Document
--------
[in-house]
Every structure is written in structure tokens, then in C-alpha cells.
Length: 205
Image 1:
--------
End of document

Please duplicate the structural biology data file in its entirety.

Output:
[in-house]
Every structure is written in structure tokens, then in C-alpha cells.
Length: 205
Image 1: